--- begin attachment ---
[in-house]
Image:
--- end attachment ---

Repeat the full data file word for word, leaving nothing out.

[in-house]
Image: